Therefore, even with indirect facts in hand, journalists, as a rule, cannot prove their hypothesis. In addition, the Law on Mass Media of the Republic of Uzbekistan does not say anything about the work of an undercover journalist, therefore, without the first applicant it will not be clear how safe it is to deceive officials in order to obtain information for investigation.

Picket in Moscow at the Embassy of Uzbekistan in defense of the rights of photojournalists in 2012. Photo: ridus.ru

How many of us are here – free?

In general, the situation with the number of media sources is also not very optimistic – by the end of 2018, there were 1,662 media sources throughout the country, of which 495 belong to the category of websites. But only a few dozens of them have at least some authority and can positively influence the solution of certain problems. Gazeta.uz can be attributed to them from Russian-speaking, and Kun.uz, Daryo.uz from Uzbek-speaking.

Certainly, some regional media can influence everyday issues in their regions, but the gap between the capital and the regions is so wide that colleagues may not even be aware of each other.

In some publishing houses, owners find themselves in close kinship with officials of one category or another, which also calls into question their objectivity and ability to work without censorship.

Another issue that does not give us to speak about complete freedom of speech – financial dependence. Almost all media are extremely dependent on views, as selling ads is the only legal way to make a living. However, the advertising market is still small, and over the past 13 years, it, like everything else in the country, has also been in stagnation. Local patrons and businessmen are not interested in investing and donor assistance to the media, and work of international donors in the Republic is not allowed. The mass media entities do not have the right to accept grants and assistance from international organizations. Such rules exist only in Uzbekistan and partially in the Russian Federation, where media working with foreign money are obliged to mark themselves as “foreign agents”.

The lack of financial independence puts the mass media entity in an uncomfortable position – if the publishing house has an investor, then it can oppose certain topics or materials that could harm its business relationship. In some publishing houses, owners find themselves in close kinship with officials of one category or another, which also calls into question their objectivity and ability to work without censorship.

Also, the role of the newly created Information and Mass Communication Agency (IMCA) is still not clear. Regular meetings and discussions of current media laws in the IMCA itself are available only to a circle of people loyal to him. The Agency does not always affect the press services in favor of journalists.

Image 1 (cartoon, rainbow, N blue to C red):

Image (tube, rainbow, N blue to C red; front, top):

In addition, an important fact is that in Uzbekistan there are critically few media outlets created by the journalists themselves and who have little international expertise and knowledge. Almost all existing media belong either to businessmen or to people who are in close relations with officials. This means that even with a great desire, journalists working in such editorial offices are obliged to look back at the interests of the owner.

Therefore, the main topics within the country are mass demolitions, rare economic columns and coverage of the rights of children and women. Meanwhile, we cannot talk about investigations, fact-checks, quality analytics and absence of self-censorship.

However, as mentioned above, the media entities of Uzbekistan are only now undergoing a period of formation. While the developing countries, including our closest neighbors, already know how to deal with sensitive topics, have faced lawsuits by the authorities and fought for their freedom, ours exists with a lot of reservations. I want to believe that we have to develop further, and history will not turn to the well-trodden path with the isolation of the country, “tightening the screws” and restoring censorship.

This article was prepared as part of the Giving Voice, Driving Change – from the Borderland to the Steppes Project. The opinions expressed in the article do not reflect the position of the editorial or donor.